Python and Daemons
claird at starbase.neosoft.com
Tue Feb 26 10:30:45 EST 2002
In article <mailman.1014484778.28709.python-list at python.org>,
Justin Sheehy <justin at iago.org> wrote:
>mrchameleon at hotmail.com (Chris Reay) writes:
>>> This is what I use:
>> ... and an attribution to W. Richard Stevens is also considered good mojo.
>True enough. Everyone who is going to do any serious network
>programming or much of anything on UNIX should read his books.
>A few of his idioms have become so standard that I sometimes
>forget to make the attribution explicit.
>Thank you, Richard. You are missed.
'Worth repeating. See <URL: http://www.kohala.com/start/ >
I'll add a few words on the subject of daemons. Daemons
roughly correspond to what Win* people call "services".
Some Unixois use the word loosely to mean, "long-running
process" or even, in an extreme case, "anything in the
background". Stevens' heritage generally intends "daemon"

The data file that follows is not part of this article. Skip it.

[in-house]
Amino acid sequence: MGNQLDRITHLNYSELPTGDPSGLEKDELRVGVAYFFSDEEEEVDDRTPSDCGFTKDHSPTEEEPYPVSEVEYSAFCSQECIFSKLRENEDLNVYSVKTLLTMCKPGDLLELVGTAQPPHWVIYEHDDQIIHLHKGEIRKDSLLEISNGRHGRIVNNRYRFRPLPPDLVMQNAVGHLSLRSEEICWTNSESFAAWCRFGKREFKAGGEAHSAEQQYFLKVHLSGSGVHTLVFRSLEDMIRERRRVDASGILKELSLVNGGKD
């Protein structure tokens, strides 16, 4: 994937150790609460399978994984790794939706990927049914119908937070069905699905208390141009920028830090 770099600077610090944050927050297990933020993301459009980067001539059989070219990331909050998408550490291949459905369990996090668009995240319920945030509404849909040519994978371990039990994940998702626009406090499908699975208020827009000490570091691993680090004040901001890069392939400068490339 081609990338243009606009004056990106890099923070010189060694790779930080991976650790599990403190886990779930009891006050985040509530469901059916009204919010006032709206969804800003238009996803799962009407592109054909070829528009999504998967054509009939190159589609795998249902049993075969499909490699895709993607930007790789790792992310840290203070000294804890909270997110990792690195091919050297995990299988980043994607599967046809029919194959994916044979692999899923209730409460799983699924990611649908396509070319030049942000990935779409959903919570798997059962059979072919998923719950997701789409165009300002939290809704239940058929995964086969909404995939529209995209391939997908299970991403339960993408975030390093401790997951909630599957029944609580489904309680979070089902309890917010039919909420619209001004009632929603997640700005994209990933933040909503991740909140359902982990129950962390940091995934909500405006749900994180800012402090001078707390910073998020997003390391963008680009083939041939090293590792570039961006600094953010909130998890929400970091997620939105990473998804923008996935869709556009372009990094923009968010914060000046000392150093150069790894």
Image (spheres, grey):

only in a more restricted sense, involving these notions,
but also including specific signal- and I/O-handling qual-
ifications, and umask and process group leader assignment.
The first surprise Pythoneers typically have in "daemonizing",
though, is to discover an unsuspected dependence on environ-
ment variables. Daemons typically run disconnected from any
TTY, and they also have minimal environment dictionaries (to
mix metaphors slightly). The latter often flushes out
forgotten assumptions about PATH, *LIB*PATH, and so on.
Cameron Laird <Cameron at Lairds.com>
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